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Eight metaphors of education

by Christopher Ormell
Educational Research ()

Abstract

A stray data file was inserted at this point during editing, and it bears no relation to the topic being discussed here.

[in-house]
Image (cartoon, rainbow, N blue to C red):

This essay was written as a response to the question 'What stays the same in education?'. Eight robust metaphors are developed to represent the invariant features of education, the first four of which liken it to the planning, preparation, consumption and digestion of 'mental meals', while the second four relate to the improved vision gained by the learner, first in general, and then as achieved by climbing a mountain, seeing the gradually improving view on the way up and, finally, seeing the view from the top. In the last paragraph is singled out the fashionable use of 'skill' terminology in education as being unrealistic in relation to the cognitive challenges facing learners in the current microchip-rich society. What learners need is not, in the last analysis, finite bundles of blinkered competence properly describable as 'skills', but the vision to see what is appropriate in a given situation. They especially need the vision to see which tiny drop of an almost infinite ocean of electronically accessible knowledge is needed to solve a given problem. (Ormell, Christopher)

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